As announced on my Facebook page, I am moving across to a new blog space.
“Could you ever have guessed the best cheese cake comes from Singapore? Thoroughly enjoyed my short trip to Singapore where I finished the year and on a somewhat ‘monsoonal’ note
Now, after 2 years, I am moving on, and instead of a facelift I mentioned earlier I have decided to move to a simpler and more personal blog space
At this stage, I am not going to transfer any old content, until such time I might be desperate to even consider recycling old photos. Thanks to the loyal readers who still check my blog on a daily basis, it hasn’t been updated for quite some time. I hope you’ll still read the new blog.”
I always wondered whether there would ever be a clone of Flower Drum in Sydney as there is one in Melbourne. I still remember the waiters circling my table, and checking those huge red wine glasses for finger marks – Flower Drum in Melbourne was really something special. Which candidate in Sydney would come close? Of the ‘fine dining’ Chinese restaurants in Sydney, there is China Doll in Woolloomoolloo and now China Lane on Angel Place …. very impressive, especially for the cocktail and dessert menus. The Cantonese restaurant Mr. Wong in Justin Hemmesphere … maybe? Zilver or The Eight …. apart from its ‘modern’ twist on Chinese cuisine, there are still many boxes that are left unchecked. My favourite so far has remained to be Marigold.
Before I visited The Century, I really wondered what this sister restaurant of Golden Century was going to deliver in terms of my ‘vision’ of a Flower Drum-similar establishment. I think my conclusion is: in a nutshell it’s just like Golden Century but with more service. So I leave my vision of Flower Drum in Sydney in my pocket, until the time, when maybe I will open one myself before someone does.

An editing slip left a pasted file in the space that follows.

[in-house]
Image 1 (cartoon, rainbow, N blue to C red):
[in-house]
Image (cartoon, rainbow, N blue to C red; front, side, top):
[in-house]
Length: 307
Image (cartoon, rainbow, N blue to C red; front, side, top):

There are live seafood tanks at the entrance of the restaurant – all looking fresh and very alive! There was a bit of wait for our pre-booked table but that wasn’t out of our expectation – this is Golden Century, right! ? Always a queue. As we were waiting at the entrance, we saw parties of formally-dressed people walking in, then we knew what a hip spot this was to be for private dinner parties. The biggest difference from the Sussex Street restaurant.
See these stand-up banners with foodie quotes lined along the foyer on one side, with the other side being the private dining ‘rooms’ which are separately ‘Chinese walls’ i.e. a lace curtain! Anyone making a trip to the toilet must go pass these banners and the private rooms. The minimum charge for private rooms is $800.
Now comes the dining floor. There are perhaps too many tables on the floor or some of the table sizes were a tad big – although there is enough privacy to not overhear what the next table is talking about, the restaurant was on the aggressive side!